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The yawning U.S. trade deficit, which was one of the factors that helped fuel the recent credit bubble, declined sharply in the aftermath of last year’s economic meltdown.  But it never came anywhere close to zero, let alone positive, and it was mostly an illusion anyway, the result of a temporary collapse in demand for durable goods.  Paul Krugman:

But with the financial crisis abating, this process is going into reverse. Last week’s U.S. trade report showed a sharp increase in the trade deficit between August and September. And there will be many more reports along those lines.

So picture this: month after month of headlines juxtaposing soaring U.S. trade deficits and Chinese trade surpluses with the suffering of unemployed American workers. If I were the Chinese government, I’d be really worried about that prospect.

Unfortunately, the Chinese don’t seem to get it: rather than face up to the need to change their currency policy, they’ve taken to lecturing the United States, telling us to raise interest rates and curb fiscal deficits — that is, to make our unemployment problem even worse.

And I’m not sure the Obama administration gets it, either. The administration’s statements on Chinese currency policy seem pro forma, lacking any sense of urgency.

I don’t know if Obama gets it, but the Chinese sure don’t seem to:

Liu Mingkang, chairman of the China Banking Regulatory Commission, said that a weak U.S. dollar and low U.S. interest rates had led to “massive speculation” that was inflating asset bubbles around the world. It has created “unavoidable risks for the recovery of the global economy, especially emerging economies,” Mr. Liu said. The situation is “seriously impacting global asset prices and encouraging speculation in stock and property markets.”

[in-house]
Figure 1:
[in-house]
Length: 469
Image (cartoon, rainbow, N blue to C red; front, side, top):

….Early Monday, a spokesman for China’s Ministry of Commerce added further criticism of the Obama administration, targeting recent measures by Washington against Chinese exports. “We’ve always known the U.S. and the West as free market economies. But now we’re seeing a protectionist side,” the spokesman, Yao Jian, told a monthly press briefing. Mr. Yao also rejected criticism of China’s currency policy, saying the yuan’s exchange rate has little to do with trade imbalances with the U.S. and that China should keep the exchange rate stable.

At some point our trade deficit has to turn around.  The Chinese obviously don’t want to be the ones to take the hit for this by strengthening their currency and damaging their export-based economy, but they really don’t have much choice about it.  The global economy is going to be rebalanced one way or another, and it can either happen gradually or it can happen suddenly. The latter would be no fun for anyone, China included.  Better to take Door #1 instead.

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THE TRUTH...

is the first thing despots go after. An unwavering commitment to it is probably what draws you to Mother Jones' journalism. And as we're seeing in the US and the world around, authoritarians seek to poison the discourse and the way we relate to each other because they can't stand people coming together around a shared sense of the truth—it's a huge threat to them.

Which is also a pretty great way to describe Mother Jones' mission: People coming together around the truth to hold power accountable.

And right now, we need to raise about $400,000 from our online readers over the next two months to hit our annual goal and make good on that mission. Read more about the information war we find ourselves in and how people-powered, independent reporting can and must rise to the challenge—and please support our team's truth-telling journalism with a donation if you can right now.

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